Saturday, August 30, 2014
A long-gone group of ancient people known as Paleo-Eskimos lived in isolation in the North American Arctic for more than 4,000 years, said a study on Thursday.
For years scientists have theorized about how large rocks — some weighing hundreds of pounds — zigzag across Racetrack Playa in Death Valley National Park, leaving long trails etched in the earth.
Thursday, August 28, 2014
Two lost Maya cities recently uncovered by an international team of scientists in Mexico could help decipher the story of the empire's early capitals to the south that were eventually abandoned for large cities on the Yucatan peninsula.
There is the riddle of the Bermuda Triangle. The unresolved identity of Jack the Ripper. The enigma of how the Universe developed beyond a quark-gluon soup following the Big Bang.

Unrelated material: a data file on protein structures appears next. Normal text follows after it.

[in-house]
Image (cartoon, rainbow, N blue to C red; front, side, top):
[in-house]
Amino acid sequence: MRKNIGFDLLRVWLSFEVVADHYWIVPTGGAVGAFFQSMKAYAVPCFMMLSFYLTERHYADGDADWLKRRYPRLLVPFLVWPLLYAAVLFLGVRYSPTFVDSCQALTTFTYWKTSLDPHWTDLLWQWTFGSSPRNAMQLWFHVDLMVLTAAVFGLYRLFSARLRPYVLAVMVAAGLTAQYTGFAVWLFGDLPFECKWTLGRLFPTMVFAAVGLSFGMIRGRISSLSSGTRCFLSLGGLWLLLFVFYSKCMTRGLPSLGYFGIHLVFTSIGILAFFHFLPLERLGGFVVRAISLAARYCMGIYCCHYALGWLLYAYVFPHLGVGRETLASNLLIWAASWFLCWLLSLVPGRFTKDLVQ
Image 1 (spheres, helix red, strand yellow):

Wednesday, August 27, 2014
Mice that were raised in a sterile environment or given antibiotics early in life lacked a common gut bacteria that appears to prevent food allergies, U.S. researchers said Monday.
A three-million-year-old child's skull uncovered in South Africa has no signs of the kind of soft spot that would be seen in human children with larger brains, a study said Monday.
Sunday, August 24, 2014
Australian spiders may live happily in the bush, but a new study has found that at least one species also thrives on city life and grows bigger in urban areas.
Is there a limit to how old humans could one day become?
A dry wash full of 112-million-year-old dinosaur tracks that include an ankylosaurus, dromaeosaurus and a menacing ancestor of the Tyrannosaurus rex, is set to open to the public this fall in Utah.